Bark Your Head Off, Dog

Northern Transmissions' review of 'Bark Your Head Off, Dog' by Hop Along
Bark Your Head Off, Dog by Hop Along

Our Rating

8.5/10

Even the most visceral-sounding bands need to evolve, and Hop Along have done that in spades on their latest LP. Introducing strings, electronics and a whole range of new sonic experiences into their voice, the band manages to avoid simple novelty by finding interesting ways to use each new idea. Though it’s not totally breaking new ground, for Hop Along this is an amazing step in a new direction for them as a band.

Hop Along almost seem to play a quick musical joke as “How Simple” starts the album joking about simplicity while shifting from light strumming guitar to a full band. As its rhythms and instrumentation grow into a wonderfully intoxicating swirl of ideas that make listeners want to dance and thrash away, they create a wonderfully complex track that brings true depth. In the heavier riffs of “Somewhere A Judge” the heartbreaking story plays against their noticeable pop backing to make a track as intriguing as it is bouncy and fun. Every riff cuts out with the same unhinged energy that makes their vocals and tones unpredictable to make a track that keeps listeners on their toes.

“How You Got Your Limp” introduces a surprising amount of strings and moody tones into Hop Along’s sound for a track that immediately stands out in their discography. The countryside atmosphere doesn’t take away from a very focused song that tightens things down for a track that really packs a lot in unexpected ways. The subtle surf touches to “Not Abel” makes its off-kilter rhythms feel even more strange, especially as the strings turn to a more plucked and pointed energy. Frances Quinlan’s vocals really encapsulate this soft and sharp energy well as she can match any end of the track’s sound effortlessly and naturally.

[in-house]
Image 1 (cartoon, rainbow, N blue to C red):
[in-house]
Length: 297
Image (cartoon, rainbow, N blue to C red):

Through much more electronic and modern pop energy, “The Fox in Motion” finds Hop Along using their new instrumentation to make their dynamic writing pop even more. Each explosive chorus really burst with a wider sonic breadth, and make you realise just how ambitious the band has gotten for this record. “One That Suits Me” while a much more classic Hop Along sound, finds them really going all out in their performances, whether it be the sublime punches of riffs or belted vocals. Quinlan really outdoes herself on this track too, as she manages to even find a tender side to her raw and raspy vocal style.

“What The Writer Meant” ties in the strings in a worrisome and rhythmic fashion, as the drums and side melodies create a strange tension in the song. It all comes out in the choruses however, as the cathartic shouts and hits of pop-energy turns them into cathartic releases. As they explore new effects and sonic moments they’ve never even touched on previous records, it’s wondrous to hear them go to sheer demo quality on “Look Of Love.” The most exciting part here however is how the song’s fidelity slowly grows to match each emotional notch the song ramps up and slowly becomes a fleshed out song without any fat in the sound. The anger injected into their most folksy timbres on “Prior Things” suggests a personal story and lets Quinlan invite audiences in to really take in each lyric. Quinlan also really explores ends of her vocals here to make the song just as gut-wrenching as it is shocking.

Words by Owen Maxwell